It is the data controller's responsibility to respond to data subject requests. If you provide a B2B service, you are most likely a data processor who only acts on the controller's behalf, on the controller's explicit instruction. This will depend on your contract with the controllers, your customers (see Art 28).
Typically a processor would merely forward any data subject requests to the controller. Only if you are contractually obligated to serve data subject requests would it be possible for you to respond directly. If a processor were to fulfil a data subject request on their own initiative, that would arguably be a GDPR violation. However, the processor has to assist their controller with compliance per Art 28(3)(e), e.g. by implementing an admin interface through which the controller can service GDPR requests.
The core issue here is that controllers and processors have slightly different obligations in order to be GDPR compliant. Controllers owe compliance to the data subjects, but processors only act on the controller's behalf and owe compliance to their controllers – they have no direct relationship with data subjects.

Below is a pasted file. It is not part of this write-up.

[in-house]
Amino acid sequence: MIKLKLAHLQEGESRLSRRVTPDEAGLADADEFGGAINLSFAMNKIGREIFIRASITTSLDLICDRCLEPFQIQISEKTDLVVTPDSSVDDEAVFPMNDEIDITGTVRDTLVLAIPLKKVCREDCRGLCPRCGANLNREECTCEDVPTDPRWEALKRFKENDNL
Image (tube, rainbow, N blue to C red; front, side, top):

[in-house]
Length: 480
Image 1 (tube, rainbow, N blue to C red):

Assuming you were a controller, then yes, I would assume you would have to decrypt any data that you are able to decrypt in order to fulfil a data subject request. Access requests can only be denied if:
- Art 12(5): they are “manifestly unfounded or excessive” (which the controller has to demonstrate), or
- Art 15(4): the access would “adversely affect the rights and freedoms of others”.
- Art 11(2): the controller can demonstrate that they are actually unable to identify the data subject so no data subject rights in Art 15–20 apply.
A request is not automatically excessive just because it will require substantial CPU time, this exception is more often triggered when data subjects request the same data very frequently (e.g. every week). You are not required to provide or search data that you don't have access to (e.g. E2E encrypted data).
Your use of per-field encryption is a very strong security measure (depending on how keys are managed). But GDPR is not about achieving maximum technical data protection, but merely requires appropriate safety measures (see GDPR Chapter 4, especially Art 32). Asymmetric encryption of small fields within a database is unlikely to be appropriate, taking into account the cost of processing and the data subject's ability to exercise their rights. A different security measure to ensure that every business only sees the correct data would be through testing and code review of your SQL queries, and full disk encryption of the server storing the database. In practice, asymmetric encryption is most often just used to encrypt a symmetric key, which is then used for the actual data. But which measures are appropriate also depends on the risk to data subjects – your approach could make sense for very sensitive data.